That’s why we are so fortunate and grateful the Mayor was willing to come back on INSIDE POLITICS this week (his second appearance in just three months in office). Mr. Briley came to our studios just a couple of hours after his address. I suspect the speech had some personal significance for him. 55 years ago, his grandfather, Beverly Briley made the first of his twelve State of Metro addresses while he was mayor beginning when Metro was born April 1, 1963.

We have much to discuss with our new Mayor Briley. I hope you can watch us!

INSIDE POLITICS airs several times each weekend on NEWSCHANNEL5 PLUS. Those times include:

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It got more than a little lost in all the coverage about the transit vote, but women and African Americans won a lot of additional countywide elected posts at the Davidson County Courthouse Tuesday night.

Among African American women, Matesha Johnson was elected the first black to be Public Defender. She won without opposition after working for some years as an assistant in that office.

Metro Councilmember Karen Johnson will soon become Metro’s first female and first African American Register of Deeds, while Brenda Wynn has been re-elected to another term as County Clerk.

Among African American men, Lonnell Mathews, Jr., former Metro Councilman and Director of the Mayor’s Office of Neighborhoods will be the new Juvenile Court Clerk come September and first African American to hold the position.

Meanwhile Howard Gentry was easily re-elected to another term as Criminal Court Clerk.

Diversity in terms of race, gender and ethnic background were also notable in the winners of the judicial posts up for election. Former General Sessions Judge Angelita Blackshear Dalton will continue her work as Nashville’s first African American Criminal Court Judge in Division II, while former Metro Clerk and Asst. District Attorney Ana Escobar will be the city’s first General Sessions Judge of Hispanic heritage. Former African American Councilman Sam Coleman will continue his work on the bench as a General Sessions Judge in Division 10.

One other new woman coming onto the Nashville bench is Ann Martin who will become the Chancery Court Judge of Division 2.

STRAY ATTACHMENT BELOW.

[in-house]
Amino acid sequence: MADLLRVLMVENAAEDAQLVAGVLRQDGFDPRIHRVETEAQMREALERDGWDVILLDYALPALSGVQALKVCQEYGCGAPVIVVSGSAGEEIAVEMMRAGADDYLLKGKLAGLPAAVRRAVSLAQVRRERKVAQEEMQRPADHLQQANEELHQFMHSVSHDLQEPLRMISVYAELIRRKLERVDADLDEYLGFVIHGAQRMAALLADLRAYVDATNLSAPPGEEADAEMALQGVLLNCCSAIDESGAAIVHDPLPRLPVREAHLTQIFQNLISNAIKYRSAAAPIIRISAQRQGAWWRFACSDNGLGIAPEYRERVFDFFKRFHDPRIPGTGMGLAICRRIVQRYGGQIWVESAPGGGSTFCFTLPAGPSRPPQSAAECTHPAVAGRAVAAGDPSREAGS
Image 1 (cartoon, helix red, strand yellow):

That’s quite a lot of change in one election cycle, but it is a trend that has been growing in strength the last several years.


Courtesy of Tom Humphrey’s HUMPHREY ON THE HILL blog, here are two very different views of whether Democrat and former Governor Phil Bredesen can win Tennessee’s open U.S. Senate seat this fall against Republican candidate Congressman Marsha Blackburn.

National political analyst Stuart Rothenberg says no in his newsletter, INSIDE ELECTIONS.

But in a NEW YORK TIMES op-ed, former NASHVILLE SCENE editor Steve Cavendish gives perhaps an old, but very interesting story why Blackburn might struggle this fall to Bredesen’s benefit. Some Republicans have not liked the Congressman for years…

And to complete a trifecta this week on Senate race news, Tom Humphrey reports on a POLITICO article that continues to stir the now seemingly never- ending controversy over current Senator Bob Corker’s “endorsement” of Blackburn. It even involves GOP gubernatorial candidate Congressman Diane Black.

Speaking of Congressman Black, I got a very interesting e-mail from her campaign. It’s a Tennessee Voters Survey asking what issues voters want to see candidates place their focus. The questions are interesting as well as the answer choices given. Here’s the survey which is also a poll on both the Governor’s and U.S. Senate races…

1. What is your email address?

2. What group (or groups) do you most closely align yourself with?

Tea Party Patriots

National Rifle Association

Tennessee Right to Life

National Federation of Independent Businesses

Americans for Tax Reform

None of these

Other (please specify)

3. What's the most important issue facing your household?


Opioid Abuse/Treatment

Government Spending



Size of Government


Illegal Immigration

National Security/Terrorism

Military Readiness

Traditional Values

*4. Who do you plan to support in the 2018 election for Governor?

Randy Boyd

Bill Lee

Karl Dean

Beth Harwell

Diane Black

Craig Fitzhugh

Other (please specify)

5. Who do you plan to support in the 2018 election for US Senate?

Marsha Blackburn

Phil Bredesen

Other (please specify)

Paid for by Diane Black for Governor, Tommy Whittaker, Treasurer.

More to come on this I’m sure.

In the meantime, Black has released her latest statewide TV ad.